“Triphanie,” he said. “These past five years have been the happiest years of my life. I know when we got married, you deserved so much more than I could give you. Please re-marry me, and I will give you the wedding of your dreams.” She tried to speak, couldn’t. Tried again, burst into tears. Then she grabbed the Champaign and downed the entire glass, poured another glass, downed that one in one gulp, turned back to her husband, cleared her throat.
“Get up,” she said. Michael got to his feet, brushed off his trousers. “I’d marry you a million times.” She said. He placed the ring on her finger, then they kissed for a long time.
During dinner, he watched her, how happy she was in that moment. She behaved in ways he hadn’t seen since their first year as a couple. She played with her hair a lot. She said flirty things. She even rubbed her foot up his leg under the table like she used to do when they were dating. Oh how that used to drive him crazy. He suspected she was more than a little tipsy. He added up the two glasses of Champaign from the bottle that was still on the kitchen counter and the three glasses of merlot she’d downed with dinner and – yep, she was hammered. But he knew it was more than that. She was really excited. That made him truly happy. He himself was not. He never got to touch his Champaign, and he detested red wine. He thought perhaps later he’d have a couple shots of rum. That was more his speed anyway. She did that thing with her foot again. He couldn’t take it anymore. He went to her, lifter her up in his arms, and carried her upstairs to their bedroom. She giggled all the way.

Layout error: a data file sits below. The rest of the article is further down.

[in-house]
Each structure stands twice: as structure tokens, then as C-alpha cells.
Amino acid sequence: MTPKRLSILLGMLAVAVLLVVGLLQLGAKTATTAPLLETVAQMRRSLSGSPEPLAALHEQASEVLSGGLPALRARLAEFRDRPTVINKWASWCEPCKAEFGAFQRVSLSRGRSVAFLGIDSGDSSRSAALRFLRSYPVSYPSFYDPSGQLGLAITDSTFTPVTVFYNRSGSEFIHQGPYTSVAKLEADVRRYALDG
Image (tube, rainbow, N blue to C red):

He laid her on the bed, then undressed as fast as possible, flinging his socks across the room at the end – one to the left, one to the right. Then he laid down on top of her, moved her hair away from her face, and kissed her like it was their first time. She wasn’t giggling anymore – or smiling either. She was snoring.
“Are you freaking kidding me?” he said. He gave her a slight pat on the cheek. “Trip. Trip, wake up.” When she didn’t respond, he patted her harder. “Come on. Trip, don’t do this to me!” When she moved, his heart raced. All wasn’t lost. She smacked her lips, then rolled over, started snoring again. “Shit,” he said. He lifted her head, slid an extra pillow under her, and pulled the covers from his side of the bed over her. Then he put his clothes back on and checked his phone. He had a little over a half hour to go before he had to pick up Jessica. May as well go clean up a little downstairs. He kissed his wife gently on the cheek, said, “sleep tight, princess,” then went back downstairs, closing the door behind him when he left.
To be continued…